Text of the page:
In some quarters this recording, when first
issued by Collins, received a dusty reception. The detail escapes
me now but at the time of the discís appearance I remembered a
white hot BBC broadcast of the Elgar in which Accardo was joined
by the Boston Symphony conducted by Colin Davis. That broadcast
was in the mid-1970s while Davis's name was still tightly entwined
with the Bostonians and his lacklustre Sibelius symphony cycle
was still fresh on the scene - though lauded to the skies.
I did not associate Accardo with these concertos.
Linking him with the six Paganinis which he recorded complete
for DG in 1974, I did not rush to buy the Collins CD. Although
we have lost Davis for this recording Hickox punches well above
his weight. He has sometimes given the impression of production-line
routine as in his Prokofiev War and Peace (Chandos). In
this case all such fears can be stilled. Here he presses forward,
balances orchestral detail wisely and shrewdly focuses aggression,
accentuation and emphasis. In fact the orchestral contribution
in both concertos is spot-on with Hickox on his toes, drawing
surprisingly burly playing from the LSO in the belligerent moments
and no want of poetry in the reflective pages.
On top of these qualities, James Mallinson and
John Timperley did a supreme job with the technical side; witness
the lush yet carefully etched sound of the horns at once mellow
and imperious (7.19-7.21, 18.01 tr. 3) in the closing measures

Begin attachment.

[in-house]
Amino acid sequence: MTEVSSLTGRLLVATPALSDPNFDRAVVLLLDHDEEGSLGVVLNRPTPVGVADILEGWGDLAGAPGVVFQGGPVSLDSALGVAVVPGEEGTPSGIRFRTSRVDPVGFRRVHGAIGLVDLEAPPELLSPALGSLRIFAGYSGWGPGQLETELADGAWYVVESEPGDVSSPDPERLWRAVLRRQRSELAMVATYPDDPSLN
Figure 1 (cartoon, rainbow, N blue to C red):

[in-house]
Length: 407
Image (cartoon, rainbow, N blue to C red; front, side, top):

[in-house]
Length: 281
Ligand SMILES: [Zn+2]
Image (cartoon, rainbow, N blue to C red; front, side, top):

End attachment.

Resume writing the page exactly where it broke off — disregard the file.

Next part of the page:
of the Elgar. Accardo convinces you that here is a big statement
although his tone inclines towards slender grace rather than being
juicily voluptuous. Haendel's (flawed with Boult on Testament,
better on BBC IMP with Pritchard) or Sammons' (Naxos again) versions
are more extrovert and fruity. Unlike Heifetz (with Sargent on
an unmissable Naxos Historical) Accardo's note-group definition
is not breathtakingly faultless. This is nevertheless an exemplary
recording which any open-minded Elgarian prepared to countenance
a reading from someone other than Menuhin should hear.
The Walton is pressed hard and is delightful
both in sultry poetry as in brilliance. That very poetry is attested
by Accardo's superbly pointed way with the little chaffing figure
in the first movement at 4.43 and the succulent upwards slide
at 4.33 in the finale.
These are fallible or at least highly idiosyncratic
moments in Accardo's hands but my suggestion is that you disregard
the naysayers and enjoy this generous budget price issue alongside
Heifetz's Elgar/Walton (Naxos, budget price). For the Elgar, Zukerman
(Sony) is excellent in modern sound as is Sammons' vintage recording
(very special interpretative qualities override the neanderthal
sonics) and Dong Suk Kang also on Naxos. A first choice for the
Walton in modern sound would be either Kang on Naxos or Haendel
on EMI Classics although I also like Joshua Bell on Decca.